In Search of Excellence: Effective Practice – Part 7

Part 7: The Role of Patterns in Deep Practice

This is the seventh installment in a nine part series.  If you have not yet read Parts 1 through 6, you should begin with those.  Part 1 was posted on Nov. 16, 2014.

Part 1: “The Talent Code”:
Part 1 introduces Daniel Coyle’s book, “The Talent Code”.

Part 2: The Myelin Factor:
This section presents a short course in neuroscience centered around myelin and the role it plays in building new skills.

Part 3: Equine Simulators:
Part 3 looks at creative ways to build your handling skills BEFORE you work directly with your horse.

Part 4: What Does Soccer have to do with Horse training?:
There are two types of skills you need to build: the first are technical skills you need to be able to handle a horse, these include rope handling and other physical skills.  The second involves the split second decisions you must make.

Part 5: Skill Depends Upon Myelin:
Myelin builds high speed neural pathways.  How does this translate to the building of skills for horses and their handlers?

Part 6: The Positive Role of Mistakes:
Highlight – Adjust – Click! – Reinforce – Repeat. That’s clicker training.  It’s also good myelin building.  You’re building good habits that create excellence. Myelin wraps.  It doesn’t unwrap so you want to build good habits right from the start.

Part 7: The Role of Patterns in Deep Practice:
In clicker training we break lessons down into thin slices.  It turns out in talent hotspots, they do the same thing.

Part 7: The Role of Patterns in Deep Practice

Harrison magic hands top of hill

Chunking Things Down – Pattern Recognition
I have always used the term chunking down.  “You want to chunk down that lesson into many small steps.”  I know some prefer to think of thin slicing.  For them a chunk is a big unit.  You have a big chunk of cement.  But a chunk, even when it is made of cement is still only a part of the whole.  You are holding a block of cement in your arms – not the whole wall.  I’m not alone in using the term “chunking”.  Coyle used it when referring to the process of breaking training down that he saw in all the talent hotspots.  To understand how important it is to break skill acquisition down into smaller units he used as his example learning how to read.

“We rode our horses out on a trail.”

If I asked you to remember this sentence, it would be easy.  It has three main conceptual chunks: “We rode”, “our horses”, “out on a trail” are each chunks.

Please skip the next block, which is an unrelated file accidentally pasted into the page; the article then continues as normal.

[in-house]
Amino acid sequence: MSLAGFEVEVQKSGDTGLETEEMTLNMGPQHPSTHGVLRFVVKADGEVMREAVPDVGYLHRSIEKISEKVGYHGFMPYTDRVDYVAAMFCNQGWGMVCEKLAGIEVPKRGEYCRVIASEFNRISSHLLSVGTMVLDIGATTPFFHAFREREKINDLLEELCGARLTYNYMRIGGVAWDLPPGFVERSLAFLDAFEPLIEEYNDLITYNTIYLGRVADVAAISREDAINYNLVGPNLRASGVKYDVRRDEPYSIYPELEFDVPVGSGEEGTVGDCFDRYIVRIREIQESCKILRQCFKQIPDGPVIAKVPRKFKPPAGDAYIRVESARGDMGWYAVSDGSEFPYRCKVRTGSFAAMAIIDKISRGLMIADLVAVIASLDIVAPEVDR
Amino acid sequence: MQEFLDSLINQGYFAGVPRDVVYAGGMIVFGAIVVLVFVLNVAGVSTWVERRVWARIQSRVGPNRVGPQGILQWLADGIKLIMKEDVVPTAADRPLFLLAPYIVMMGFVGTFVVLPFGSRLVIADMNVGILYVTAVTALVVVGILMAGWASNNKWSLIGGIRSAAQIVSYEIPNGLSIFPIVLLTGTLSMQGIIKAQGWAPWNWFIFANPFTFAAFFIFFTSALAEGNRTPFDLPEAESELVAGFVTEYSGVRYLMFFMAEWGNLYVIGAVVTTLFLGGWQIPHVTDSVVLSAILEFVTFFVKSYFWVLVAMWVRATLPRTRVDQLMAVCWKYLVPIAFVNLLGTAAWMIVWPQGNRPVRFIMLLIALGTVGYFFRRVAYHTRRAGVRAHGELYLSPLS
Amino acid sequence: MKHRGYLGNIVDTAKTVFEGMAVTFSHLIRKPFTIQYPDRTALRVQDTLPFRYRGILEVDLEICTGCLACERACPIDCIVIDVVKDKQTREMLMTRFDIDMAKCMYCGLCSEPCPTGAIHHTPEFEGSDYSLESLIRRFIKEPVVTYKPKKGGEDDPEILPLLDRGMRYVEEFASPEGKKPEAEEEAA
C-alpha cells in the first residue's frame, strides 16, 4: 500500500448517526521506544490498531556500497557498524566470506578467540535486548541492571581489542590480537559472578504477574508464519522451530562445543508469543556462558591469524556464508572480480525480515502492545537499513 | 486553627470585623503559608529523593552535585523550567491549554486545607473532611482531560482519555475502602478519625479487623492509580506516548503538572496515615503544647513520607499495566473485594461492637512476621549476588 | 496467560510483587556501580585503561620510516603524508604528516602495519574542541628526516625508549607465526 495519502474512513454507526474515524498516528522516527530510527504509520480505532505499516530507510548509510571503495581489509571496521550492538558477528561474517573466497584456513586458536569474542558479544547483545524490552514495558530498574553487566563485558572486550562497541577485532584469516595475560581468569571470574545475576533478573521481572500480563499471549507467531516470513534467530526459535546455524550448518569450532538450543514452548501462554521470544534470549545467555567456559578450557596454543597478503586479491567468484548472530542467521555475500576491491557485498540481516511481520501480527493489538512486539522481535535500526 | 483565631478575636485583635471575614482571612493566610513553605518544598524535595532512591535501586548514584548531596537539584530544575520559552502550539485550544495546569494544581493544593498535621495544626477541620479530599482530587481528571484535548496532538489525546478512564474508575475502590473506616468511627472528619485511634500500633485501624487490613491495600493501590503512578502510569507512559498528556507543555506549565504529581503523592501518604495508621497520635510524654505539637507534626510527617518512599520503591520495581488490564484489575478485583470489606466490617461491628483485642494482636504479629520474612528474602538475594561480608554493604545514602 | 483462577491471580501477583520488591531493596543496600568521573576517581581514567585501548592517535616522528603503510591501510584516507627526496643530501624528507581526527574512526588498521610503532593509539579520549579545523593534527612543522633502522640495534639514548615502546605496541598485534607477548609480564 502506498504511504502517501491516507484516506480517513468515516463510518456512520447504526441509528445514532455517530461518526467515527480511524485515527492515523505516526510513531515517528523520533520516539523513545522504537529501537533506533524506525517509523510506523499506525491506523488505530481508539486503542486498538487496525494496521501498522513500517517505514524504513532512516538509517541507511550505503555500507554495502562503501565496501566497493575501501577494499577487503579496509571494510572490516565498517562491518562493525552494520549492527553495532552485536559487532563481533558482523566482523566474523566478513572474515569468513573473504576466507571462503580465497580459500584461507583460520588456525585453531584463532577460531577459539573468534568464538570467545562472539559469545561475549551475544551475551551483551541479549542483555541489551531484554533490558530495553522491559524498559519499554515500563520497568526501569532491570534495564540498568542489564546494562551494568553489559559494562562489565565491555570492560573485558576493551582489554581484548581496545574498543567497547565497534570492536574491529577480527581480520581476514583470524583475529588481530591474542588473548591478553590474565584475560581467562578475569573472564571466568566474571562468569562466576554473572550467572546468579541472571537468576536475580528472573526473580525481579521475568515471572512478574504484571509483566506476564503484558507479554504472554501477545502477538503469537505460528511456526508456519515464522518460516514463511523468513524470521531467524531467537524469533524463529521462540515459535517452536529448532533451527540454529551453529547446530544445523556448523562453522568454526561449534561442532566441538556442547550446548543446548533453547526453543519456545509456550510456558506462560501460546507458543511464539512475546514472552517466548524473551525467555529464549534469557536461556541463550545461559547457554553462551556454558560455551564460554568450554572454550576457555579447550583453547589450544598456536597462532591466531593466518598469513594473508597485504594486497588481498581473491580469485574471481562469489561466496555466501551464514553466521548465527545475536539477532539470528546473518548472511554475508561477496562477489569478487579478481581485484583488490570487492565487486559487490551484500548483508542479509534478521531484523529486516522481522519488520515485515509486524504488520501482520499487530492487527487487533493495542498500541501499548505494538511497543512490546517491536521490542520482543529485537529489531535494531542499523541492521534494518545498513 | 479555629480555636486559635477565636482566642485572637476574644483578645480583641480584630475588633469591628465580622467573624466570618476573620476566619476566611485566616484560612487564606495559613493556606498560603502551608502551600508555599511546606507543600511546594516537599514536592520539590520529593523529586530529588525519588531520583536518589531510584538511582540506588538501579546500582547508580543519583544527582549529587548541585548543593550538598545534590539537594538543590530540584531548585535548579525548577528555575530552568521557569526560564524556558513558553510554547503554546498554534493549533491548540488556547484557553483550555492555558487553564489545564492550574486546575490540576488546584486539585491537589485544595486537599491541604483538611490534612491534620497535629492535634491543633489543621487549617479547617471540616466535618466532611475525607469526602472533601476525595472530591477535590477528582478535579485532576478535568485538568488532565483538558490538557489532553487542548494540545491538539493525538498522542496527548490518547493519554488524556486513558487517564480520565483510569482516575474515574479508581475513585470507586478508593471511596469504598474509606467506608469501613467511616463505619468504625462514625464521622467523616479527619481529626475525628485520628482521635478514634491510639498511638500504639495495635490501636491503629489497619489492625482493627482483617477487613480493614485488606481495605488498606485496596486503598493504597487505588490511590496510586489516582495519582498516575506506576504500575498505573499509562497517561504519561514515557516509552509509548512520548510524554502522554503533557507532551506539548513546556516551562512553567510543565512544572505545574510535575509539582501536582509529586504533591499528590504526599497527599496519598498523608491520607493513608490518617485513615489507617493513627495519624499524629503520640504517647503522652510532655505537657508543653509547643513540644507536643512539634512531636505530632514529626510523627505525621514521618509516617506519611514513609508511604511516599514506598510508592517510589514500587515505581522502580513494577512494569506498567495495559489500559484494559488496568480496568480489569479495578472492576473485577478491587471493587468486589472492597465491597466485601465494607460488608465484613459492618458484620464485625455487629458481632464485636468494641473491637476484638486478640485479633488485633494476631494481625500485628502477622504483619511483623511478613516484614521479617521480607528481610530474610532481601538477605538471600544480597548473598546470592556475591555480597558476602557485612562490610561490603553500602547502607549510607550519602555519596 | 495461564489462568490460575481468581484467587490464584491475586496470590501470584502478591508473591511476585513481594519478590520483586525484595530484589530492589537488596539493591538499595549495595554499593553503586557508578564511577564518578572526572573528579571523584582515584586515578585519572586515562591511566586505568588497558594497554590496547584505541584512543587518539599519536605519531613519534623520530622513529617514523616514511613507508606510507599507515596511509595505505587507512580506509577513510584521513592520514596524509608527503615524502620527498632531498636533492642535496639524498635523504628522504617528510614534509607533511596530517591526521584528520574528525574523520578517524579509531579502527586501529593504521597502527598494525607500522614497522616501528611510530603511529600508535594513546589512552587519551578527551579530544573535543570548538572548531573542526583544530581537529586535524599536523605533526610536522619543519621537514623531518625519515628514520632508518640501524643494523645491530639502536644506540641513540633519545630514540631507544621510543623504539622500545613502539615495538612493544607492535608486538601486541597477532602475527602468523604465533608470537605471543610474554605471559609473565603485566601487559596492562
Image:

But if you are just learning how to read, these chunks are too big to be processed.  These chunks are made up of smaller chunks: the letters are smaller chunks that you combine to create phonetic combinations that form words.

The pattern of four opposing diagonal lines forms a smaller chunk yet that you learn to recognize as the letter W.

Coyle had a great image for this: “each chunk nests neatly inside another group like so many sets of Russian dolls.  Your skill at reading is the skill of packing and unpacking the chunks – or to put it in myelin terms of firing patterns of circuits  – at lightening speed. . . Skills are the nested accumulation of small discrete circuits.”

A gymnast learns a floor routine by assembling it “via a series of chunks, which in turn are made up of other chunks.  He’s grouped a series of muscle movements together in exactly the same way that you grouped a series of letters together to form words. Fluency happens when the gymnast repeats the movements often enough that he knows how to process those chunks as one big chunk. . . When he fires his circuits to do a backflip, the gymnast doesn’t have to think, Okay, I’m going to push off with my legs, arch my back, tuck my head into my shoulders, and bring my hips around. . . He simply fires the backflip circuit that he’s built and honed through deep practice. . . . When chunking has been done effectively, it creates a mirage. . . Top performers look incomprehensibly superior, yet they aren’t so different from ordinary performers as they seem.  What separates these two levels is not innate superpower but a slowly accrued act of construction and organization: the building of a scaffolding, bolt by bolt, circuit by circuit, or to put it in terms of myelin – wrap by wrap.”